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'My Key West Kitchen' by Norman and Justin Van Aken
Mark Damon Puckett
Mark Damon Puckett
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Black Betty’s Pan-Cooked Yellowtail jumps out at you in this new collection of recipes and stories from chef Norman Van Aken, but this is no ordinary recipe book — it thinks nostalgically about the author’s cooking past, his mentors, and the memories therein. In other words, the stories come first and the recipes emerge from the beautiful, local tales.
Growing up in Illinois, Van Aken knew restaurants from his mom who was a hostess and cashier. "I grew to love the infectious spirit of restaurants," he told The Daily Meal. The book has family written all over it, given that it is co-authored by his son Justin Van Aken.
As for his love of Key West, he ran away from the life of winter to go to a place where life was different. "Key West struck an absolute note with me," he said. "The food is honest, clear, potent, and delicious, not self-conscious and not following any fads."
Learning from local Cubans, Haitians, and bohemians, Van Aken, who never went to cooking school, forged his own nostalgic homage to his teachers. There was not much of road when he arrived and everyone who came, came by boat, bringing in a fusion of myriad food cultures. The result is a family book about local culinary splendor, suffused with humility.
When asked to choose an ideal meal from his book, this is what Van Aken offered:
Woman Gone Crazy Bloody Mary
Caramelized Plantain Soup
Hot Fried Chicken Salad
Flan con Coco
There is a musicality to the stories embedded within a symphony of recipes. Van Aken, who is also an accomplished harmonica player, brings a certain lilting harmony to the prose, while presenting Key West recipes you will never, ever forget.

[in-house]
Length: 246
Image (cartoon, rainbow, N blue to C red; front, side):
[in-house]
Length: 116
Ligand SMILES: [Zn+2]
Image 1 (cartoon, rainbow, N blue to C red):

My Key West Kitchen is available through Kyle Books. Read an excerpt below:
In the Spring of 1973, I walked into a shack of a restaurant (even by Key West standards) and was handed a sea water–damp menu with items like turtle steak, jewfish chowder, fried bollos, tostones, guava milkshakes, and a meat dish, ropa vieja, that translated as "old clothes." Coffee was served in plastic thimble-sized cups and called buches. A mix of customers sat around the counter that morning: two rummied out shrimpers eating large steaks piled high with onions; a triple-tinted sun-glassed, stiletto thin, tense young Latin man eating nothing and watching the harbor; a "hippietill- I-die" Janis Joplin–twin Earth Mama with a dozing baby; one rock-solid, leather and laced police sergeant finishing a Marlboro and a cortadito (Cuban espresso); a few dead to the world cats; a woman (?), bearing multiple tattoos and a shaved head; and a grand old Miss Havisham-type gal, replete with a conch pink–colored parasol who offered to read my palm. As fate would have it, I sat down next to a gentle goateed mountain that I came to know as "Bud Man." He offered me a job cooking ribs, Brunswick stew and chowder in an all-night, open-air barbecue joint about four blocks from the Gulf of Mexico, called The Midget.
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